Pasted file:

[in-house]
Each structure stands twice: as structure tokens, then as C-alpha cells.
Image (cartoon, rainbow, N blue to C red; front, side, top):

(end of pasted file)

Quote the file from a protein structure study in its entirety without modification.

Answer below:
[in-house]
Each structure stands twice: as structure tokens, then as C-alpha cells.
Image (cartoon, rainbow, N blue to C red; front, side, top):